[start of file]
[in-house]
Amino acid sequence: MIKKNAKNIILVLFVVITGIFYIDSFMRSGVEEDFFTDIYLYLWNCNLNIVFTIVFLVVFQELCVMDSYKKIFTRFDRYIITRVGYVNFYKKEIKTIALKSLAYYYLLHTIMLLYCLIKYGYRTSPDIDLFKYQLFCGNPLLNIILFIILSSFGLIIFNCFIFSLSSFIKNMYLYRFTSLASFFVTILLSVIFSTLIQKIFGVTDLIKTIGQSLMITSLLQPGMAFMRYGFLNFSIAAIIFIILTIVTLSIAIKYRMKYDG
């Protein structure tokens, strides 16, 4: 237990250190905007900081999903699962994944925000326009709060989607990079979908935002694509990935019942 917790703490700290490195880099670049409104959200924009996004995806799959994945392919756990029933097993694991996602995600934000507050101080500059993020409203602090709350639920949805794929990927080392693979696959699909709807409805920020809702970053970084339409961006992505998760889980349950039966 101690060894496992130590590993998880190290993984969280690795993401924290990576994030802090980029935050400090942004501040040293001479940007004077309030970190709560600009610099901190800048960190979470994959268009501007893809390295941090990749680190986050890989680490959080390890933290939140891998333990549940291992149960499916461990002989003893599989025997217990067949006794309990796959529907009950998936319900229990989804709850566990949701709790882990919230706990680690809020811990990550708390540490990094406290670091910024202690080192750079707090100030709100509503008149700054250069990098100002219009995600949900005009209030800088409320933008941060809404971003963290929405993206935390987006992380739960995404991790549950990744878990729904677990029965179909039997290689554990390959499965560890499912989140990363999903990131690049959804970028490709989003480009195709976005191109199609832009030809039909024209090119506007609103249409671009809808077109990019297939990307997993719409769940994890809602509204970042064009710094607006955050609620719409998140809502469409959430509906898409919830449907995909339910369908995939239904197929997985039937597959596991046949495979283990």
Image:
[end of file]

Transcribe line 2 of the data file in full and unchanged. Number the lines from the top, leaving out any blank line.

Amino acid sequence: MIKKNAKNIILVLFVVITGIFYIDSFMRSGVEEDFFTDIYLYLWNCNLNIVFTIVFLVVFQELCVMDSYKKIFTRFDRYIITRVGYVNFYKKEIKTIALKSLAYYYLLHTIMLLYCLIKYGYRTSPDIDLFKYQLFCGNPLLNIILFIILSSFGLIIFNCFIFSLSSFIKNMYLYRFTSLASFFVTILLSVIFSTLIQKIFGVTDLIKTIGQSLMITSLLQPGMAFMRYGFLNFSIAAIIFIILTIVTLSIAIKYRMKYDG